Maddie Nelson had 16 brain bleeds after being thrown from her horse in 2017. (ABC News: John Gunn)
Men are more than twice as likely to be hospitalised playing sport than women, according to a new report from the Australian Institute of Health and Welfare (AIHW).
- Just under 60,000 people were hospitalised due to sports injuries in the 2016-17 period
- A third of those hospitalised were injured playing one of the football codes
- 28 per cent of those hospitalised were women or girls
The report found almost 60,000 Australians were taken to hospital after playing a sport in 2016-17, with fractures the most common injury.
Over that same time period, just over 60,000 people were hospitalised due to transport crashes.
Of the injuries that required hospitalisation, almost one third (32 per cent) were sustained while playing one of the football codes, with most injuries affecting the hips or legs (30 per cent) and head or neck (25 per cent).
Cycling accounted for around 11 per cent of those who were hospitalised as a result of injuries or accidents.
‘It’s easy just to jump on the bike and go’
Leon McNamara is a recreational cyclist who was knocked off his bike by a car a year ago.
“All of a sudden this car has just turned straight into their driveway, right in front of me, and I ran into the side of the vehicle,” Mr McNamara told the ABC.
He injured three ribs, punctured his lung and needed a shoulder reconstruction.
Mr McNamara said he’s not a professional, but he loves “getting out there” and that he was always going to continue riding after the accident.
“I was always going to get back on the bike, but I was concerned,” Mr McNamara said.
Leon McNamara suffered serious injuries after being knocked off his bike. (ABC News: John Gunn)
“The first ride I went for … I rode past the scene of the crime.
“I was prepared to turn around and come back home if I was too worried about it, even prepared to come back by walking, but it turned out alright and I’m back on the bike again.”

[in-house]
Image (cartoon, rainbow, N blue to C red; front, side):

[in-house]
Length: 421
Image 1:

Mr McNamara said that riding on the roads does carry a risk of injury, mostly due to the acts of other road users, and that it has started to affect his mindset.
“We have a very aggressive culture driving on the roads, I think it’s us and them now.”
“If I go for a ride today and something happens and I’ve got something down the track that I’m planning to do … that was never there before.”
However, despite the risk of injury, it was not enough to stop Mr McNamara from getting on his bike.
“I enjoy cycling. It gives me fitness too. You know, I’m not getting any younger, it’s easy just to jump on the bike and go.”
“People were saying to me, friends and family, it’s about time to give up cycling. I thought about it briefly but then I decided, ‘no, I still like to ride’ but now it is on my mind more. I’m much more aware of what the motors might do. Now I think, what if?”
Rewards outweigh the risks
Just over a quarter (28 per cent) of hospitalisations were for women or girls, with football, netball and horse-riding the most common culprits.
Ten per cent of sports injuries were life-threatening, with swimming and diving making up 27 per cent of those cases, followed by cycling (24 per cent) and equestrian (24 per cent).
Maddie Nelson was severely concussed when she fell off her horse during an event in Tamworth during 2017.
The 19-year-old had 16 brain bleeds and slept up to 22 hours a day while she recovered.
However, Ms Nelson says the rewards of riding outweigh the risks.
“It’s an absolute passion for me, I love it,” Ms Nelson said.
“I got straight back on the horse after I fell off and I’ve been back competing ever since.
Despite that, she had doubts about continuing, given the extent of her injuries.
“I was kind of sceptical about whether it was all worth it, given how close I came to seriously injuring myself, but I think the positives outweigh the negatives and I kind of just thought ‘if I love it so much I better keep going.'”
‘Playing sport does not come without risk’
Professor James Harrison, from the AIHW’s National Injury Surveillance Unit at Flinders University, said the results showed that huge numbers of Australians participate in sports regularly, but there were clear risks.
“Many Australians participate regularly in sport and physical recreation activities, and it’s clear that we are a nation of sport-lovers,” Professor Harrison said.
“Participation in sport contributes positively to a range of physical, mental and social health outcomes.
“Just 30 minutes of physical activity a day can lead to a happier and healthier lifestyle.
“However, playing sport does not come without risk.”
Not every form of exercise come with substantial levels of risk though.
The least dangerous sports in the study were recreational walking and going to the gym, which had a hospitalisation rate of 12 and 10 per 100,000 people respectively.
The sport with the highest rate of participation-based hospitalisation was wheeled motorsports such as motorcycling and go-carting, with 1,280 hospitalisations per 100,000 participants.
This was followed by a combined total of both rugby codes, and roller sports (such as roller skating and skateboarding), with a rate of 1,180 and 1,175 per 100,000 participants, respectively.